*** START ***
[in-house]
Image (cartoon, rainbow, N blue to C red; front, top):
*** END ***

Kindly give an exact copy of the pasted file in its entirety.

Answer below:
[in-house]
Image (cartoon, rainbow, N blue to C red; front, top):